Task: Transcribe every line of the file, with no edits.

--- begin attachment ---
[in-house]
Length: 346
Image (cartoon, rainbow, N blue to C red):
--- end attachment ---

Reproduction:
[in-house]
Length: 346
Image (cartoon, rainbow, N blue to C red):